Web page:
• Don’t just put your paper processes onto a digital device. Instead, consider how to take greater advantage of digital devices and tools to find better ways of monitoring. For example, could we incorporate sensors into the monitoring from the start? At the same time, be careful not to introduce technologies that are overly complex.
  • Think about exclusion and access. Who are we excluding when we move to remote monitoring? Children? Women? Elderly people? We might be introducing bias if we are going remote. We also cannot observe if vulnerable people are in a safe place to talk if we are doing remote monitoring. So, we might be exposing people to harm or they could be slipping through the cracks. Also, people self-select for phone surveys. Who is not answering the phone and thus left out of the survey?
  • Consider providing airtime but make sure this doesn’t create perverse incentives.
  • Ethics and doing no harm are key principles. If we are forced to deliver programs remotely, this involves experimentation. And we are experimenting with people’s lives during a health crisis. Consider including a complaints channel where people can report any issues.
  • Ensure data is providing value at the local level, and help teams see what the whole data process is and how their data feeds into it. That will help improve data quality and reduce the tendency to ‘tick the box’ for data collection or find workarounds.
  • Design systems for interoperability so that the data can overlap, and the data can be integrated with other data for better insights or can be automatically updated. Data standards need to be established so that different systems can capture data in the same way or the same format;
  • Create a well-designed change management program to bring people on board and support them. Role modeling by leaders can help to promote new behaviors.

Further questions to explore:

  • How can we design monitoring to be remote from the very start? What new gaps could we fill and what kinds of mixed methods could we use?
  • What two-way platforms are most useful and how can they be used effectively and ethically?
  • Can we create a simple overview of opportunities and threats of remote monitoring?
  • How can we collect qualitative data, e.g., focus groups and in-depth interviews?
  • How can we keep respondents safe? What are the repercussions of asking sensitive questions?
  • How can we create data continuity plans during the pandemic?


Download the event reports:

See other gLOCAL Evaluation 2020 events from CLEAR-AA and MERL Tech:

Using Data Responsibly During the COVID-19 Crisis

Over the past decade, monitoring, evaluation, research and learning (MERL) practices have become increasingly digitalized. The COVID-19 pandemic has caused that the process of digitalization to happen with even greater speed and urgency, due to travel restrictions, quarantine, and social distancing orders from governments who are desperate to slow the spread of the virus and lessen its impact.

MERL Tech and CLEAR-Anglophone Africa are working together to develop a framework and guidance on responsible data management for MERL in the Anglophone African context. As part of this effort, we held three virtual events in early June during CLEAR’s gLOCAL Evaluation Week.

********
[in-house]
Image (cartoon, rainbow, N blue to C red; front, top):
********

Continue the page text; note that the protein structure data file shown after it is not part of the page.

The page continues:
At our June 2 event, Korstiaan Wapenaar, Genesis Analytics, Jerusha Govender, Data Innovator, and Teki Akkueteh, Africa Digital Rights Hub, shared tips on how to be more responsible with data.

Data is a necessary and critical part of COVID-19 prevention and response efforts to understand where the virus might appear next, who is most at risk, and where resources should be directed for prevention and response. However we need to be sure that we are not putting people at risk of privacy violations or misuse of personal data and to ensure that we are managing that data responsibly so that we don’t unnecessarily create fear or panic.

Watch the video below:

Listen to the audio from the session here:

Session summary:

  • MERL Practitioners have clear responsibilities when sharing, presenting, consuming and interpreting data. Individuals and institutions may use data to gain prestige, and this can allow bias to creep in or to justify government decisions. Data quality is critical for informing decisions, and information gaps create the risk of misinformation and flawed understanding. We need to embrace uncertainty and the limitations of the science, provide context and definitions so that our sources are clear, and ensure transparency around the numbers and the assumptions that are underpin our work.
  • MERL Practitioners should provide contextual information and guidance on how to interpret the data so that people can make sense of it in the right way. We should avoid cherry picking data to prove a point, and we should be aware that data visualization carries power to sway opinions and decisions. It can also influence behavior change in individuals, so we need to take responsibility for that. We also need to find ways to visualize data for lay people and non-technical sectors.
  • Critical data is needed, yet it might be used in negative or harmful ways, for example, COVID-related stigmatization that can affect human dignity. We must not override ethical and legal principles in our rush to collect data. Transparency around data collection processes and use are also needed, as well as data minimization. Some might be taking advantage of the situation to amass large amounts of data for alternative purposes, which is unethical. Large amounts of data also bring increased risk of data breaches. When people are scared, such as in COVID times, they will be willing to hand over data. We need to ensure that we are providing oversight and keeping watch over government entities, health facilities, and third-party data processors to ensure data is protected and not misused.